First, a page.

- skip - Brewer’s

Troʹilus (3 syl.)

.

The prince of chivalry, one of the sons of Priam, killed by Achilles in the siege of Troy (Homer’s Iliad). The loves of Troilus and Cressida, celebrated by Shakespeare and Chaucer, form no part of the old classic tale.

1

As true as Troilus. Troilus is meant by Shakespeare to be the type of constancy, and Cressid the type of female inconstancy. (See Cressida.)

“After all comparisons of truth

As true as Troilusʹ shall crown up the verse,

And sanctify the numbers.”


Troilus and Cressida, iii. 2.

previous entry · index · next entry

ABCDEFGHIJKLMNOPQRSTUVWXYZ

Entry taken from Dictionary of Phrase and Fable, edited by the Rev. E. Cobham Brewer, LL.D. and revised in 1895.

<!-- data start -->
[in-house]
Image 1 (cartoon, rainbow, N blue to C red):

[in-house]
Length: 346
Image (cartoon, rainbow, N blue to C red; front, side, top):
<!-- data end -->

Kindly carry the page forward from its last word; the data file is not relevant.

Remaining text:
previous entry · index · next entry

Trismegistus [thrice greatest]
Tristram (Sir)
Triton
Triumph
Trivet
Trivia
Trivial
Trivium
Troehilus (The)
Troglodytes
Troilus
Troilus and Cressida (Shakespeare)
Trois pour Cent
Trojan
Trojan War (The)
Trolls
Trolly
Trompée
Troness, Tronis, or Trophy Money, or Trophy Tax
Troopers
Troops of the Line